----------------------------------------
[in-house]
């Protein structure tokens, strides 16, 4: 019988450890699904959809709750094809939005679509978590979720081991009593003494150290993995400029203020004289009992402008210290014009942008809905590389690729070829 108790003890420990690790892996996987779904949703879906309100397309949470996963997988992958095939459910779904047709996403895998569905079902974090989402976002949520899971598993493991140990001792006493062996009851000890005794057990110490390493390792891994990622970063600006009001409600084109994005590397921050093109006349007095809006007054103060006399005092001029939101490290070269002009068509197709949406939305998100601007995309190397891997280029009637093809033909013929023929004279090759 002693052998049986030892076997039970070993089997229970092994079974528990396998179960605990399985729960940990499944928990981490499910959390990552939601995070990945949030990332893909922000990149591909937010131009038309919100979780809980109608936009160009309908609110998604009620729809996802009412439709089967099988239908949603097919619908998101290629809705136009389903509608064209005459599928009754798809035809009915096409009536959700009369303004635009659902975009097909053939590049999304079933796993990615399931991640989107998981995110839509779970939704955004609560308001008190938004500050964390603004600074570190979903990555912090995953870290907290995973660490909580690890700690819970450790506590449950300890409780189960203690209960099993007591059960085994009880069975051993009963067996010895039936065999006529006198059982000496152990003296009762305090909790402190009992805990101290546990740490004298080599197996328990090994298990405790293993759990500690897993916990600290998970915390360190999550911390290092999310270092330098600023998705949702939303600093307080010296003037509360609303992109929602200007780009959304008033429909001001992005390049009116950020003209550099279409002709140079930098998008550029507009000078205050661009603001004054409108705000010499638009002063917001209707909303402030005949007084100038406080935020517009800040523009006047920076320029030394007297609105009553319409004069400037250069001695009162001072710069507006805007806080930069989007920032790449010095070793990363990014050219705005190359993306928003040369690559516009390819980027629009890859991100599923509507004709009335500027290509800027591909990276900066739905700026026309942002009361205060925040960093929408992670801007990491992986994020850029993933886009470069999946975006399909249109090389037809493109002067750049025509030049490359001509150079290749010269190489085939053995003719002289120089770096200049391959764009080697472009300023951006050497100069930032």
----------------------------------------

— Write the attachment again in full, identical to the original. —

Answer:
[in-house]
């Protein structure tokens, strides 16, 4: 019988450890699904959809709750094809939005679509978590979720081991009593003494150290993995400029203020004289009992402008210290014009942008809905590389690729070829 108790003890420990690790892996996987779904949703879906309100397309949470996963997988992958095939459910779904047709996403895998569905079902974090989402976002949520899971598993493991140990001792006493062996009851000890005794057990110490390493390792891994990622970063600006009001409600084109994005590397921050093109006349007095809006007054103060006399005092001029939101490290070269002009068509197709949406939305998100601007995309190397891997280029009637093809033909013929023929004279090759 002693052998049986030892076997039970070993089997229970092994079974528990396998179960605990399985729960940990499944928990981490499910959390990552939601995070990945949030990332893909922000990149591909937010131009038309919100979780809980109608936009160009309908609110998604009620729809996802009412439709089967099988239908949603097919619908998101290629809705136009389903509608064209005459599928009754798809035809009915096409009536959700009369303004635009659902975009097909053939590049999304079933796993990615399931991640989107998981995110839509779970939704955004609560308001008190938004500050964390603004600074570190979903990555912090995953870290907290995973660490909580690890700690819970450790506590449950300890409780189960203690209960099993007591059960085994009880069975051993009963067996010895039936065999006529006198059982000496152990003296009762305090909790402190009992805990101290546990740490004298080599197996328990090994298990405790293993759990500690897993916990600290998970915390360190999550911390290092999310270092330098600023998705949702939303600093307080010296003037509360609303992109929602200007780009959304008033429909001001992005390049009116950020003209550099279409002709140079930098998008550029507009000078205050661009603001004054409108705000010499638009002063917001209707909303402030005949007084100038406080935020517009800040523009006047920076320029030394007297609105009553319409004069400037250069001695009162001072710069507006805007806080930069989007920032790449010095070793990363990014050219705005190359993306928003040369690559516009390819980027629009890859991100599923509507004709009335500027290509800027591909990276900066739905700026026309942002009361205060925040960093929408992670801007990491992986994020850029993933886009470069999946975006399909249109090389037809493109002067750049025509030049490359001509150079290749010269190489085939053995003719002289120089770096200049391959764009080697472009300023951006050497100069930032």